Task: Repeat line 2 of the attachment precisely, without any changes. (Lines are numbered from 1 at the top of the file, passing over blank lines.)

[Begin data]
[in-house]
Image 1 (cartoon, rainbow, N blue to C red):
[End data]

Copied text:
Image 1 (cartoon, rainbow, N blue to C red):